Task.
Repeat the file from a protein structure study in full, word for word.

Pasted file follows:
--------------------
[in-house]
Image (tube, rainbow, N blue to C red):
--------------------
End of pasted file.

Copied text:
[in-house]
Image (tube, rainbow, N blue to C red):